The Spiritual History of English by Andrew Thornton-Norris
What makes a piece of literature or art Christian? Some would say just the content, that is what is said. Some on the other hand would say both the content and the structure, that the way in which those truths are conveyed can communicate more fully the truths. In other words its not just what you say that’s important, but also how you say it. If this is the case then it means that the style of prose or poetry can be Christian (or un Christian) as much as the meaning of the words considered apart from that style.
Any regular reader of this blog will know that I have long maintained that the style of art is every bit as important as the content, and that since the Enlightenment that style has declined because artists have rejected the traditional Catholic forms.
In this slim volume, the English Catholic poet Andrew Thornton-Norris does for poetry and prose what I have been trying to do with art. He relates the actual structure of the writing and the vocabulary used to the worldview of the time. See he shows us, for example, how even if the poet or novelist is sincerely Catholic and trying to express truths that are consistent with the Faith, he is at a great disadvantage if he is seeking to express those truths with the vocabulary and poetic form that reflect a post-Enlightenment culture.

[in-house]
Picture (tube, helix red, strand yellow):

I am not an expert in literary or poetic form and, to be honest, not interested enough in either to seek to become one. So I had to take what what Mr Thornton-Norris’s descriptions of form at face value. However, I agree with his analysis of modernity, which he sees, right down to the present day as ever greater degrees of the protestant heresy. Chapter by chapter he analyses and critiques the worldview of the Englightenment and through to the present day. So the philosophies behind neo-classicism, Romanticism, Modernism and Post Modernism are each presented as differing reactions against Christianity and ultimately the authority of the Catholic Church. He then connects each with the cultural forms.
Because he is dealing with the English language, he first describes the rise of the language as a distinct vernacular and connects this with the Faith. He argues that the very idea of the English as a nation comes from the Church through (Read More)